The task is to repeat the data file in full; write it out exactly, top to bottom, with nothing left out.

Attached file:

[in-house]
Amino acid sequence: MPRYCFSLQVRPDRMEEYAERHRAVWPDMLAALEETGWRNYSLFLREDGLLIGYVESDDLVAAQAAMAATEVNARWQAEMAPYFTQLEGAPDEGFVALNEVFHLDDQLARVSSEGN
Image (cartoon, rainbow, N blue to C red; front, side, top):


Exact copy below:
[in-house]
Amino acid sequence: MPRYCFSLQVRPDRMEEYAERHRAVWPDMLAALEETGWRNYSLFLREDGLLIGYVESDDLVAAQAAMAATEVNARWQAEMAPYFTQLEGAPDEGFVALNEVFHLDDQLARVSSEGN
Image (cartoon, rainbow, N blue to C red; front, side, top):